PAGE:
Unless you are not a big fan of social media, you have probably heard about the Whole Foods pre-peeled orange kerfuffle. If you haven't though, let me describe the problem for you: Whole Foods got into a whole heap of trouble on social media recently because some of its stores sold peeled oranges in small plastic containers. This tempest in a teapot was started by people who, understandably, questioned why it wasn't left in the packaging Mother Nature had already provided, I.E., the peel. I'll admit, when I first saw the picture even I thought it was odd. Whole Foods quickly caved to the outcry and promised to take the environmentally unfriendly product off the shelves. Problem solved, right? Not quite. This was when the disability community rightly pointed out that those pre-peeled oranges are extremely helpful to people with a variety of physical challenges.
Well, shut my mouth. I should have thought of that myself, considering that my eldest daughter is one of the very people who have trouble peeling oranges. Isn't it interesting how if you just adjust the settings a little, you can see things from a whole different point of view? I read a thought-provoking follow-up to this where it was posited that all too often people fail to recognize the unintended benefits of products for the disability community. In this case, it is unclear whether the stores in question were doing this for the benefit of the disability community, yet that community undoubtedly would have reaped the rewards. The same is true for a variety of other, more main-stream products, such as Velcro-strapped shoes, Velcro closured lunchbags (in fact, Velcro anything), and leggings (even better, the jeggings that have become so popular).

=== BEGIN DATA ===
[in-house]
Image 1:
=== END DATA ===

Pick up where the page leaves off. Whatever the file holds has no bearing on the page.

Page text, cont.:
Even so, many of the environmentalists who responded to the disability community complained that you couldn't sacrifice the environment to make things "easier" for people with disabilities. As if. Still, I struggle with this in my own decision-making at times. For example, it would be a lot easier for my daughter (and me) if I bought bottled waters to keep on hand, rather than helping her with filling and carrying a glass of water each time she is thirsty. Yet every time I think of purchasing them, I worry about the environmental impact of that decision. Where do we draw the line? For that matter, why is it that the same people who are making an outcry about those oranges are not protesting the other cut fruit available in the containers? (Not that I'm encouraging them to do so.) The point is that we all make choices about what we're able to live with and sometimes we have to consider that there are other, equally legitimate points of view. Perhaps instead of spending so much time protesting and bickering back and forth, people should use their environmental know-how to come up with packaging that is both environmental and disability friendly? Food for thought (no pun intended). If you are interested in more food for thought, you can sign up to get an alert by email every time I publish! Until next time, y'all have a good one!